Wheat Berry Salad



Like most of you, I suspect, I sometimes fall into a rut and eat the same things over and over again. It’s just easier that way sometimes. But, this year I have decided to try cooking with a new grain every month. Sort of expand my culinary horizons. However, that goal kind of runs counter to a second goal of mine, to eat my way through my pantry, without buying any new staples.

I was inspired in this second goal by a good friend. Last time I visited her at the cottage she shared with me, that for the month of August, she was planning to empty out her pantry. On days when she had company, everyone usually gathered on the dock around 5 pm for drinks. Instead of agonizing over what to serve with drinks, she would just use whatever she found in her pantry cupboard. One day, she confessed, she opened up a can of chickpeas, rinsed and drained them and served them with a sprinkling of black pepper. Along side this she served some dried apricots she spied lounging at the back of the shelf in a plastic bag. Apparently these offerings were gobbled up quite happily with a glass of chilled Prosecco.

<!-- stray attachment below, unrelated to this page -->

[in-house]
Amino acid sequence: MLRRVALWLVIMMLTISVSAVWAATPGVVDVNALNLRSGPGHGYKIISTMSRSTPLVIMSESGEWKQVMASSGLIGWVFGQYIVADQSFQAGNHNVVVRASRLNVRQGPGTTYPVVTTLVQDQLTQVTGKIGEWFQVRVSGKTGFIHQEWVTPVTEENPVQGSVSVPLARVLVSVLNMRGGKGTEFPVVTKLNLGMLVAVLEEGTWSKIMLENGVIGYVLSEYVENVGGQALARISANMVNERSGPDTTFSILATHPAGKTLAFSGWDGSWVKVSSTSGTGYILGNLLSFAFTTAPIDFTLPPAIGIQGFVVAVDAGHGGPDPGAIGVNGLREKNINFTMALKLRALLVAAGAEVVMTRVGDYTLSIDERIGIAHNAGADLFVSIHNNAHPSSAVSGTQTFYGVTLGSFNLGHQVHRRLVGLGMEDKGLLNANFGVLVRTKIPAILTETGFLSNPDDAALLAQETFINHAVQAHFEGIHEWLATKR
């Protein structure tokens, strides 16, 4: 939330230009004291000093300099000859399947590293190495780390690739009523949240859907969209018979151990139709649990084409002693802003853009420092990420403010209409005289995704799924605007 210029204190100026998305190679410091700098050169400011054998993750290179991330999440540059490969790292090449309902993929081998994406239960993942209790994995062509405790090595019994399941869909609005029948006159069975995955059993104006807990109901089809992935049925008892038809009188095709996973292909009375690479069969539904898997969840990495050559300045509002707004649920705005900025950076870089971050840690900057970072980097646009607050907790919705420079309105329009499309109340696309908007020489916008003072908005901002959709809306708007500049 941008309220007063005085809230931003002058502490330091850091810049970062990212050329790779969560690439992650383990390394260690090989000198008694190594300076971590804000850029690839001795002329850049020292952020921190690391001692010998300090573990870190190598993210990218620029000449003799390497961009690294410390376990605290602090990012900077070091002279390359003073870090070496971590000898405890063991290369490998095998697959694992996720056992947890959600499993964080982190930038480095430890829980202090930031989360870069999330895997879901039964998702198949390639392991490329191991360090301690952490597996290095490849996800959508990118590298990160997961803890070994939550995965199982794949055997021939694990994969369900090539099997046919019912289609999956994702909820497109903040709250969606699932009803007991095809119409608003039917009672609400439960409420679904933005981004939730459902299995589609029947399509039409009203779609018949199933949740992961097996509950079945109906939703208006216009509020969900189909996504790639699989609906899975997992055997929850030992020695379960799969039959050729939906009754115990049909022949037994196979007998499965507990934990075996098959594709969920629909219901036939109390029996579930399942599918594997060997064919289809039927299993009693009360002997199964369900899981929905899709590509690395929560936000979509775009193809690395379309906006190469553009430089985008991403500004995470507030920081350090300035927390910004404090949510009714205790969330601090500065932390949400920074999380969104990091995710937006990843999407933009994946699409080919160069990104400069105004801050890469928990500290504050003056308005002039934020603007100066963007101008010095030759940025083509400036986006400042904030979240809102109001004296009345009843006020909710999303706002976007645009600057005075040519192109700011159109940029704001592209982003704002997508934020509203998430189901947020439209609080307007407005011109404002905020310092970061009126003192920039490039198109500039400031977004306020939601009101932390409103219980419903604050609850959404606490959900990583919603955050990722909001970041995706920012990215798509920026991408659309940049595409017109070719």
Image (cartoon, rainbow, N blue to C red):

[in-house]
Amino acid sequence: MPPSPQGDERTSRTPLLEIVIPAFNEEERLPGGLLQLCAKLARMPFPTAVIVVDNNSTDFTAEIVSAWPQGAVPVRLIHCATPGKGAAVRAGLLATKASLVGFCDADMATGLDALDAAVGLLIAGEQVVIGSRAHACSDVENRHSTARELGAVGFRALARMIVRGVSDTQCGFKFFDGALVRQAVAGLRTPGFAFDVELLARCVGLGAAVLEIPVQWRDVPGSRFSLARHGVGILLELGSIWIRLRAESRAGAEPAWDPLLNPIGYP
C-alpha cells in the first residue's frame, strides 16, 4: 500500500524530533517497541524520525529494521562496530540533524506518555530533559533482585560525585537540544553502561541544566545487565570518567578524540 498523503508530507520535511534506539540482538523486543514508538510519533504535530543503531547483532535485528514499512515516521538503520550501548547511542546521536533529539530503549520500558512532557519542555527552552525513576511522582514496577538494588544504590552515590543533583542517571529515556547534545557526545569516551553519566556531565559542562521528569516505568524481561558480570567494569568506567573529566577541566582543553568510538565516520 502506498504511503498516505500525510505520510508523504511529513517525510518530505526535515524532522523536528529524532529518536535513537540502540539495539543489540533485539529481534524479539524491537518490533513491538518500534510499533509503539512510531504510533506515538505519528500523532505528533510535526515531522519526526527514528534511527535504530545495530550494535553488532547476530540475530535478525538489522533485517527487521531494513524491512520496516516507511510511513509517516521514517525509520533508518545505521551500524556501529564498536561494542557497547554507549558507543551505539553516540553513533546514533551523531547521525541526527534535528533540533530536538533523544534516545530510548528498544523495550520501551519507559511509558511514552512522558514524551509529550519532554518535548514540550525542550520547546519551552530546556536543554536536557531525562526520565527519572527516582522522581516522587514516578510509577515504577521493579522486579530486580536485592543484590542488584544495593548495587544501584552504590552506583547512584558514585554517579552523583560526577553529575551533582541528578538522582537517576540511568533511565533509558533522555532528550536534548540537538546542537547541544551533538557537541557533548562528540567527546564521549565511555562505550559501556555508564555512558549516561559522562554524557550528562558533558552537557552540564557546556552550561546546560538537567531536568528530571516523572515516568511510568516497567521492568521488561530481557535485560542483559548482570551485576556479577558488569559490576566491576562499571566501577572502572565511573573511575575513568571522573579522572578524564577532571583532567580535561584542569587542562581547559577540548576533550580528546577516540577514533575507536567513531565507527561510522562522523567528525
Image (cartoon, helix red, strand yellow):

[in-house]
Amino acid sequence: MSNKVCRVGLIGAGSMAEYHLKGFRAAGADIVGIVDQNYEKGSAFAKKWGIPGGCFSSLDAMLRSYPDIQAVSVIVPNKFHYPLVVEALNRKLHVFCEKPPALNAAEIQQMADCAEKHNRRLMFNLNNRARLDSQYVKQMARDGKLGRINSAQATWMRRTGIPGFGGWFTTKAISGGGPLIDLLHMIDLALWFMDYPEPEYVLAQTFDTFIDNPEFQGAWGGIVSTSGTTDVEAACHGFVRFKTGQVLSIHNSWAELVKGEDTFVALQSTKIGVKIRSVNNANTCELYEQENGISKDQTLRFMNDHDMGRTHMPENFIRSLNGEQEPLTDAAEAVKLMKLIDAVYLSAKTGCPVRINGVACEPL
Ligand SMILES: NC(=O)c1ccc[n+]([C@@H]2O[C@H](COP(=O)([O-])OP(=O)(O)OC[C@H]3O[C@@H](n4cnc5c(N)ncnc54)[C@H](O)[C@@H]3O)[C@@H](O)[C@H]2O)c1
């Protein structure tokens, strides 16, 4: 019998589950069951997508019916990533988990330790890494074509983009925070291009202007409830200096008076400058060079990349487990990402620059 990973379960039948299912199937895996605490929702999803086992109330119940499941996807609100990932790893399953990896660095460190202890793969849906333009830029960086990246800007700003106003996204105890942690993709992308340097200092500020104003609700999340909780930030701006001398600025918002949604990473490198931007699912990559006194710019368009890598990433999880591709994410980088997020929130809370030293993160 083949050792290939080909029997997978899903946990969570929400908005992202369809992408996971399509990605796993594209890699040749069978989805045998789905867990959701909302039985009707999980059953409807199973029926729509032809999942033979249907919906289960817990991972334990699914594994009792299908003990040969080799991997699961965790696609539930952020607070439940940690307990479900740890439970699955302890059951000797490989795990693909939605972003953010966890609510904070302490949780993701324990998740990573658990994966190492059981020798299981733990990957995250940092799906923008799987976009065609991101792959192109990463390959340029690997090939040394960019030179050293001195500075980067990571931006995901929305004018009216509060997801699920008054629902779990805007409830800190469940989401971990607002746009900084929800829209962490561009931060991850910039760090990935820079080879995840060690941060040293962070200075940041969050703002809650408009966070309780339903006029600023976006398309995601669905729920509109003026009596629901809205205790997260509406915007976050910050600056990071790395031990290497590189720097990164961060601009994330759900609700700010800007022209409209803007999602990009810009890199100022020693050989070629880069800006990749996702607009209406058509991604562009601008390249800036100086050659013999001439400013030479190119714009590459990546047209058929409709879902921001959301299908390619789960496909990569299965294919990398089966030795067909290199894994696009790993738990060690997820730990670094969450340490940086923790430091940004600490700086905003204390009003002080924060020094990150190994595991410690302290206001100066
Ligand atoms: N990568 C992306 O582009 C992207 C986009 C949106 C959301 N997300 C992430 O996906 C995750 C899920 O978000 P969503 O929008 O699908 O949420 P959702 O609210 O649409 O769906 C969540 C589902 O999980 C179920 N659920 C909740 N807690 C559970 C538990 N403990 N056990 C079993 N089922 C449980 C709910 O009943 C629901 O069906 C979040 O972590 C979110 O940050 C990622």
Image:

So here I was with the good angel on one shoulder, whispering in my ear, “Come on, clean out the pantry. You have 5 different kinds of grains here. Eat us!”. On the other shoulder I had the devil, tempting me to be wasteful and go out and seek a new grain.  Most of you know I have very little willpower, so it should come as no surprise to you that I went out and bought some wheat berries. I had never cooked with them before and a recipe by Globe and Mail nutrition reporter, Leslie Beck, caught my eye.

Wheat berries are essentially whole unprocessed wheat kernels, containing all three parts of the grain (germ, bran and endosperm). Only the hull is removed. They sort of look like barley but have 75% more protein and 40% more fibre than barley. All in all, a nutritional powerhouse.  Wheat berries need to be rinsed and then they are cooked in simmering water, about a 2:1 ratio, like rice. They take about 40 minutes to cook and have a wonderful nutty taste and chewy toothsome texture. I added some french green beans to the original recipe as I happened to have some wilting in my fridge!

The other ingredients are arugula, pomegranate seeds and diced red apples. The dressing is made from olive oil, cider vinegar, apple juice, maple syrup and grainy mustard.

Chewy, crunchy, tangy and sweet. And healthy too! Feel free to substitute whatever grain you have languishing on the shelf of your pantry. This would be great with Farro as well.

To print the recipe, click here.

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